Recent earthquakes in New Zealand and Japan show that aftershock risk can be significant, even though this risk is not explicitly considered in portfolio risk assessment. It is no secret that large-magnitude earthquakes are generally followed by high numbers of smaller magnitude earthquakes and sometimes the ground motions from these aftershocks cause substantial damage to buildings. The science of forward prediction of aftershock hazard is still evolving and assessment of building vulnerability due to mainshock and aftershock sequences is currently an active topic of research.
In order to address this issue with the scientists and engineers, I organized a special session during the U.S. National Conference on Earthquake Engineering with Dr. Nicolas Luco of the USGS and Dr. Matt Gerstenberger of GNS Science. We invited a number of prominent researchers to discuss:
- aftershock hazard
- structural fragility/vulnerability before and after the mainshock
- change in risk due to aftershocks
Aftershock risk is real and consumers feel the pain from increased insurance premiums, as observed following the Tohoku earthquake. According to Insurance Insight, “local earthquake premiums are up 25 percent to 50 percent, say, when compared with normal circumstances.“ So, this issue needs to be addressed to improve our understanding before another large magnitude event strikes.
Professor Fusakichi Omori first observed in 1894 that aftershocks decrease regularly with time. He developed Omori’s law, which is still used for estimating aftershock risk. I presented a paper in a separate conference session on estimation of aftershock risk in Japan following the Tohoku earthquake, which was based on the Omori Law. This is the basis of the RMS® Japan Earthquake Model update. Currently, the USGS is working on developing aftershock hazard based on the Epidemic Type Aftershock Sequences (ETAS) model.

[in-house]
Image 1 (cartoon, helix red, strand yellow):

Dr. Ned Field of the USGS, one of the speakers in the session, stated that developing the aftershock model is “one of the strategic-action priorities of the USGS in terms of providing effective situational awareness during hazardous events.”
In the meantime, GNS Science has developed a time-dependent hazard model for continuing the Canterbury earthquake sequence. Dr. Gerstenberger of GNS Science reported that GNS has carried out “broadband ground motion simulations” for a suite of moderate sized aftershocks in order to develop aftershock hazards in the region.
Dr. Luco, the co-convener of the session, proposed probabilistic risk assessment for “post-earthquake mitigation decisions” after the occurrence of mainshock (or any other earthquake).
They discussed three different approaches of aftershock hazard calculations and two approaches for estimating increased collapse probability of buildings due to aftershocks. These approaches can ultimately be synthesized to compute the increased earthquake risk of damage or collapse of buildings following earthquakes.
RMS will continue to work alongside our industry colleagues to improve understanding of aftershock risk.